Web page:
keep a basket for busy bees / If you have multiple children or small children who love to be busy, keep a special basket for them to play with at certain times of the day. Consider wood blocks, stamps, play-dough, doodle books, needling board, a lap loom, and so on. Pull it out during read-a-loud or when you’re needing to make dinner or spend one-on-one time with another child.
observe + study your children / Become a student of your children. Watch them. How do they respond to large groups versus alone time? Do they tend to move to learn or sit still and focus? Do they have trouble holding writing utensils? Understanding who your children are and how they learn will help you parent them, whether homeschooling or not.
consider hiring help / No one said you need to do everything to be a good mother. Prioritize what’s most important and look for ways to delegate other tasks. Do you have room in your budget to hire help with cleaning or a babysitter to help run errands or play with the kids for a few hours a week? If your budget is small, consider swapping children with a close friend or asking a close relative for help.
play, play, play / Children discover so much on their own by simply playing. Allow them time to create their own play, checking in on them occasionally for safety.
choose simple materials / When I began homeschooling during these early years, all of the materials we used fit into a small antique cabinet in our dining area (maybe one square foot of interior space). I kept a stack of drawing paper, watercolors, crayons, colored pencils, a reading guide, and pre-k materials from Handwriting Without Tears. We made weekly trips to the library and our local children’s museum, and I met weekly with a couple of friends to do a few simple activities, have lunch, and play.
MORE I’VE WRITTEN ON PRESCHOOL AT HOME
Other contributors to this series:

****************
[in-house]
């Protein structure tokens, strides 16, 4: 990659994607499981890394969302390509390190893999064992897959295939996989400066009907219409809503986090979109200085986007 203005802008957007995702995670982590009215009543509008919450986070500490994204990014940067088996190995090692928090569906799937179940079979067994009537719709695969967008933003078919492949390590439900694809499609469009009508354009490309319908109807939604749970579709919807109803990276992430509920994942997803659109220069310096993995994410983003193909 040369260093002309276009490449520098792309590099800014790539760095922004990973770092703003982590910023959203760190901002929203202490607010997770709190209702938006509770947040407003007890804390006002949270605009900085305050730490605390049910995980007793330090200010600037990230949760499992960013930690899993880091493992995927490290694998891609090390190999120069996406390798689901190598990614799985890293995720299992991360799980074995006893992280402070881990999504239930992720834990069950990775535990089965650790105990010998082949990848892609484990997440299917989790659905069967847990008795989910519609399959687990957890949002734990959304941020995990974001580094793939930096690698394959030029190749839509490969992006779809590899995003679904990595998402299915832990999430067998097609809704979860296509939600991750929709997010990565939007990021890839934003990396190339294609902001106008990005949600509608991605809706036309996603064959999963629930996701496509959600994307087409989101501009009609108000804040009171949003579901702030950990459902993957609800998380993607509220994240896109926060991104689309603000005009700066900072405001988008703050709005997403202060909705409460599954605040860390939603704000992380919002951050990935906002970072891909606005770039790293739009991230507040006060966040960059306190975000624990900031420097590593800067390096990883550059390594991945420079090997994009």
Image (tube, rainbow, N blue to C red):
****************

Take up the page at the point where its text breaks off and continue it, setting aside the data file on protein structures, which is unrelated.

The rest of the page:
I believe yours is the most helpful in this series.
May I suggest the ABC Jesus Loves Me curriculum for anyone wanting to have some material to help them intentionally parent during these small, preschool years. It’s great for working parents, homeschoolers, or anyone really wanting to have some ideas of what to focus on during their time with their little one. My 3yo daughter and I really enjoy it!
So lovely, thank you. Xx
Thank you, thank you, THANK YOU for this. Both of my girls are preschool age this year and it is overwhelming and wonderful all at the same time. Thank you, as always, for helping me remember to keep things simple and focused. I have admired you for quite a while. You are surely a breath of fresh air.
This is lovely. As are all your posts.
I’ve taught my kids at home always and wished I was smart enough in the beginning to not do so much. :)
My third child has benefited the most from my change in thinking as I have relaxed so very much. She’ll actually be considered a kindergartner this year, but already has picked up an amazing amount. I have a few specific things I’ll work on with her one on one this year, but the rest of the time she’ll just continue to learn along with her brothers and have plenty of time to play.
Thank you for sharing!
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We found a moth emerging from a cocoon a few weeks ago, and it was a sad scene when I showed it to my eldest son (closing in on 16) who could find no real enthusiasm. It was a reminder of how precious the early years are when their wonder and eagerness to explore and learn is so intense. Though, I was still excited about it, and I’m…well, older. :) Perhaps it all comes around again.
Lovely blog you have here, so glad to find it through Life Captured.
Thank you, Brandi. I think there’s always time and place for the love of learning to re-emerge. How wonderful for you to experience it with your teen. And thank you for the reminder to pay attention no matter the age or stage of life. ;)